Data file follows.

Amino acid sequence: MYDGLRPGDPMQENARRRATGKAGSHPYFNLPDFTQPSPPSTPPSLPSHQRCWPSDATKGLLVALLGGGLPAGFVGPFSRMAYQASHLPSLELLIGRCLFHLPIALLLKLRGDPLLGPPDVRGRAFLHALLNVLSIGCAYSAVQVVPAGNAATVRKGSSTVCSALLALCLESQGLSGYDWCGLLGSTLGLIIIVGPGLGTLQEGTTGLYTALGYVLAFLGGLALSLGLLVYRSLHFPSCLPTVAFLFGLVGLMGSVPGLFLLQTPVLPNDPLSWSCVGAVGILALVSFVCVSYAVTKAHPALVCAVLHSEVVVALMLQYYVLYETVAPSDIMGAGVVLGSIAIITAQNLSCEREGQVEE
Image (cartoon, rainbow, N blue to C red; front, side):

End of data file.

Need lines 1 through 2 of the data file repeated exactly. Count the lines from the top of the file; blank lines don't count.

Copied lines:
Amino acid sequence: MYDGLRPGDPMQENARRRATGKAGSHPYFNLPDFTQPSPPSTPPSLPSHQRCWPSDATKGLLVALLGGGLPAGFVGPFSRMAYQASHLPSLELLIGRCLFHLPIALLLKLRGDPLLGPPDVRGRAFLHALLNVLSIGCAYSAVQVVPAGNAATVRKGSSTVCSALLALCLESQGLSGYDWCGLLGSTLGLIIIVGPGLGTLQEGTTGLYTALGYVLAFLGGLALSLGLLVYRSLHFPSCLPTVAFLFGLVGLMGSVPGLFLLQTPVLPNDPLSWSCVGAVGILALVSFVCVSYAVTKAHPALVCAVLHSEVVVALMLQYYVLYETVAPSDIMGAGVVLGSIAIITAQNLSCEREGQVEE
Image (cartoon, rainbow, N blue to C red; front, side):